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DISTRESS SIGNALS

Seething streets

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It usually begins with an angry glare. Then the choicest abuses and blows follow. Eventually, it leads to smashed windscreens and broken bones. Sometimes, even knives and guns are pulled out. It may sound like a scene from a B-grade thriller, but situations like these are now a common occurrence on roads across the country. Earlier this month, in Delhi, a restaurant manager died when an airline pilot ran him over after their vehicles scraped each other's at the national capital's posh Khan Market area.

In a similar incident in December, 24-year-old deliveryman Gaurav Kumar lost his life because of a scratch on someone's car. He was pushed so hard that his head hit the sidewalk in a fatal fall. Once rare in India, such cases of road rage are increasing.

Prema Rajagopalan, a sociologist with IIT-Madras, calls the phenomenon a Delhi-specific problem. "Many drivers in the capital are inebriated - either with alcohol or with power - and they are a lot more aggressive than those in Chennai or Bangalore, " she says. "They believe if you have the money, you flaunt it with your big, shiny new car, and you assert yourself forcefully on the road. "

To an extent, Rajagopalan is correct in her observation. But though a significant chunk of road rage headlines originate from the National Capital Region, an increase in such incidents has been observed in other cities too. And it's not just the loutish men who are the perpetrators. In Bangalore recently, a 28-yearold female executive in a software firm slapped a biker and sprayed pepper on his face for grazing her car. A couple of weeks ago, another 57-year-old driver was stabbed by some bike-borne assailants after his car hit their bike. Scour through the local newspapers in any Tier I or II city, and you will come across such incidents.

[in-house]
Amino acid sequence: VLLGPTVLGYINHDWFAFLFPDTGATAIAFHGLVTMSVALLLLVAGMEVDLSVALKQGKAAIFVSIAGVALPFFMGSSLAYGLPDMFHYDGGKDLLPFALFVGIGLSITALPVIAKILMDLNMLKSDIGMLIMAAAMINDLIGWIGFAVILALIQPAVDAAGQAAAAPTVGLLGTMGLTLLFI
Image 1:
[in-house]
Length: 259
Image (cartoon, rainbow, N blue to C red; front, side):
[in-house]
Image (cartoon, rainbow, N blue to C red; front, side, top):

The problem of road rage goes far beyond the issues of poor infrastructure, inexperienced drivers, the number of cars crowding the highways and inadequate policing. "When people go as far as killing somebody over a petty quarrel, we should know something is terribly wrong with the society, " says Sadhna Vohra, a Delhi-based psychologist.

Vohra points at the increasing stress of urban life and the emphasis on competitiveness as key factors for this phenomenon. "Everybody is under some sort of pressure - at work and at home. You may have to get to office on time or you may lose the plum promotion to a jealous rival. Maybe you have had a fight with your wife or husband. The pent-up rage among residents of most cities, particularly Delhi, is almost palpable. No wonder people lose their cool over trivial issues. " Sometimes, it is the anonymity that provokes antisocial behaviour.

Shashank Jaiswal is a 34-year-old who is only now learning to drive at a Noida-based driving school. "I have never been able to muster the courage to drive a car on Delhi roads, " he says. "Everybody is so aggressive. "

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